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POLITICO reports:

President Trump on Friday signed the $2 trillion stimulus package, including some $23 billion in extra aid for agriculture. Now it's the Agriculture Department's turn to figure out how to distribute those emergency dollars to farmers and ranchers dealing with falling commodity prices.

There are few strings attached to the farm provisions, even though Democrats were wary of setting up another "slush fund" for USDA to disperse funds across the industry as officials saw fit, Pro Ag's Catherine Boudreau writes this a.m.

That mistrust stemmed in part from how the administration designed its more than $23 billion trade bailout program, which critics said unfairly benefited Southern states, wealthy farmers and even foreign meatpackers.

"We'll be monitoring implementation to hold USDA accountable to distributing aid fairly and encourage USDA to follow the bipartisan payment limits set by the farm bill," said a spokesperson for Senate Ag ranking member Debbie Stabenow (D-Mich.), who has criticized the department for alleged inequities in its trade relief programs.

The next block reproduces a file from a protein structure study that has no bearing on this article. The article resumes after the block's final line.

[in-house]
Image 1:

Joseph Glauber, former USDA chief economist, said the stimulus funds, trade aid and traditional farm subsidies could total around $50 billion in fiscal 2020 alone. "Unprecedented to say the least," said Glauber, now a senior research fellow at the International Food Policy Research Institute.

Implementing the farm stimulus plan could prove even trickier than the trade bailout, which was based on the tariff damage to specific commodities and counties. "I am not sure how you would separate out price impacts from COVID-19 versus other market factors," Glauber said in an email. "My guess is that the distribution and amounts will look a lot like 2019."

Funds for farmers markets: The stimulus is the first disaster relief package to explicitly include local and regional food markets, according to Ferd Hoefner, senior strategic advisor at the National Sustainable Agriculture Coalition.

By the numbers: The group pointed to research estimating that those markets could lose $1.3 billion between March and May. The overwhelming majority of farms supplying those markets are small, and about a quarter are new farmers, per USDA data.

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